6 of the Best | Surfing Styles
Half a dozen of the smoothest operators ever to commit rail to water
We have opined elsewhere in these pages on the best poo-stances in the business, but what about the best surfing styles? And what does it even mean, anyway, to have a good or a bad surfing style?
Surfing with a poo-stance doesn’t necessarily mean that you are a second- or third-rate person, despite what (second- or third-rate) people may tell you. A link has yet to be established between unsightly arm-flapping and moral laxity or dull conversation or general unpleasantness.
By the same token, there’s little reason to believe that the stylish surfer will be a more reliable witness in court, a deeper thinker, or better value in the pub.
“Surf style reflects personalities and character," reckons the Australian national coach Andy King. "You can watch someone surf and know straight away whether you would want to share a beer with ’em." This is the worst sort of nonsense and you shouldn't stand for it. No: good surfing style is just good surfing style, and something to be treasured in its own right.
As for the best surfing styles — let’s confine ourselves, for the sake of argument, to the thruster era and onwards — six of them surely belong to belong to Messrs Curren, Irons, Rastovich, Parkinson, Machado, and Miss Gilmore. Smoother than a newly shampooed otter, every one of them.
"Curren could surf better than anyone who could surf more stylishly, and more stylishly than anyone who could surf better"
Is Tom Curren the most exquisite, the most supremely stylish being ever to ride a surfboard? The surfer most likely to induce in the discerning surf fan a state of aesthetic bliss, and/or a semi?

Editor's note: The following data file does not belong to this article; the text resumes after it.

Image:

Probably, yes. He’d top most people’s lists, anyway, and he’s surely not far from the top of many “best ever" lists either. To adapt A. J. Liebling, Curren could surf better than anyone who could surf more stylishly, and more stylishly than anyone who could surf better.
And here’s another question to which the answer is probably yes: is Curren plus pink fluoro wetsuit plus J-Bay the best combo in surfing history?
"When young Bruce bewitched the surfing masses in the late ‘90s, he was possessed of a wiry and virile magnetism almost impossible to resist. The chiselled features and sunken eyes of a fallen angel helped..."
When young Bruce bewitched the surfing masses in the late ‘90s, he was possessed of a wiry and virile magnetism almost impossible to resist. The chiselled features and sunken eyes of a fallen angel helped; so did the casual swagger and abundant natural ability. Other qualities included an easy, limp-wristed fluidity and a first-rate hair-flick.
At his peak, he only had to get to his feet on a wave and he made it look like the coolest thing in the world. His section in Volcom’s Magna Plasm is a case in point. He sits on a wall, dangling his feet; he fries an egg; he inspects a surfboard. And then there is a right-hand barrel peeling across the screen, and the guitar solo commences, and Bruce makes his exit/entrance in time with the spit, flicking his hair insolently — and it’s sheer perfection.